an interview with singer, songwriter, and keyboardist Jimmy Voegeli
by Teri Barr
Jimmy Voegeli, namesake of The Jimmys
photo by Sweet Chica Music
Farming, and the blues. If you are Jimmy Voegeli—band leader, singer, organ and piano player in his band, The Jimmys—the two have gone together, as long as he can remember. Yet, he’s never written a song about it. “When I first started this musical journey, people would ask me, where are you from? What’s your day job? Some would scoff or laugh at my farming background,” Jimmy Voegeli says. “I’ve always been staunchly proud of our 6th generation family farm, and would love to put it to music.”
The idea could end up being one of Jimmy’s future goals since he’s now met or topped almost everything else he set out to do. He’s won dozens of awards for his keyboard playing and the band has been honored with high recognition, too. He’s traveled various parts of the world thanks to music, and has played with many well-known musicians on stage, including Pinetop Perkins, Guitar Shorty, Joe Bonamassa, and more. Jimmy has also recorded with some greats, one most recently for The Jimmys new album, “Gotta Have It.”
“I never in my wildest dreams would have believed the first time I saw my piano playing idol, Marcia Ball, some 30 years ago at The Crystal Corner Bar in Madison, I would eventually write and record with her,” Jimmy says. “The making of this album has been the most difficult project, and simultaneously the most rewarding.” Jimmy didn’t only enlist Marcia for the band’s latest music, but recruited well-known Taj Mahal, Bonnie Raitt, Robert Cray drummer Tony Braunagel to produce it.
“We added in our people, and more than a dozen other greats as well,” Jimmy says. “And it was all done at our favorite studio in the world, Makin’ Sausage Music in Milwaukee!” Marcia, who has been nominated for a Grammy five times, will also be taking part in The Jimmys annual concert get-away to Jamaica in March.
Jimmy’s idea for his own band, and everything he wanted to go with it, started years ago, when he recorded a solo album after playing with Westside Andy and Mel Ford for 18 years. “Trying to understand why it was time is hard to remember. However, I recall my father always telling me to bide my time and it would simply feel right,” Jimmy says. What also felt right? Getting the right people together to make solid music magic. “Solid as hell indeed, that’s an understatement,” Jimmy says as he describes the process. “I started with recruiting my old band I was playing with before I joined Westside Andy and Mel Ford. That band was called The Gatecrashers, featuring Mauro Magellan (from the Georgia Satellites), Gary Hendrickson and his wife Jenny Depre,’ and my still current bass player John Wartenweiler.” Jimmy tells me, “By chance, I was dropping off CDs at a local record store and bumped into saxophonist Bryan “Bonehead” Husk who was part of Funky Drummer Clyde Stubblefield’s Monday night band,” Jimmy says. “We struck up a conversation, and decided to have that group of no good doers join in! I believe that included Alex Leong, current member Pete Ross, Bonehead, and eventually Chad Whittinghill. We hit the ground running and quickly started traveling and making records. And we haven’t looked back.”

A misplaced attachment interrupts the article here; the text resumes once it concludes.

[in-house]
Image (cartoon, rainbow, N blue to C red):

The idea of not looking back means there’s that new album to share in 2020. And even though Jimmy described the creation of “Gotta Have It” as the most difficult and most rewarding, it is already earning accolades One review indicates it makes a good case for international notice, and runs the stylistic gamut—jump blues, shuffles, boogies, golden-era R&B, even New Orleans traditional jazz. The official celebration of the album’s release begins alongside a kick-off for the Winter Series of shows at The East Side Club in Madison. The Jimmys are the featured artist on Friday, January 17, starting at 7 pm.
So, we end where we started, with the idea of a farming-related blues song. I ask Jimmy if one might end up on a future album. “I have a couple of songs that I just can’t put the final touches on. So close, but so close to my heart,” Jimmy says. “And that makes it incredibly difficult to get it right. I don’t want to sound corny (pun intended) with the lyrics.” Jimmy goes on to tell me, and this is my favorite part,”To be blatantly and artistically honest with a song, is the most rewarding, and challenging part. Mauro would say we all come from somewhere, and hey, that may be the start of it!” Write on Jimmy, write on.(14073) Page Views Jimmys Online:
CD: Gotta Have It Record Label: Intercept Music